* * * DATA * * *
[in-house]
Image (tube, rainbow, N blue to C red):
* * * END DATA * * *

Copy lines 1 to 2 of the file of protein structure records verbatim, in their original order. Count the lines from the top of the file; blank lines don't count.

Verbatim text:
[in-house]
Image (tube, rainbow, N blue to C red):